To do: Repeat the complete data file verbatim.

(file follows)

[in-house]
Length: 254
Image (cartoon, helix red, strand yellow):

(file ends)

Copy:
[in-house]
Length: 254
Image (cartoon, helix red, strand yellow):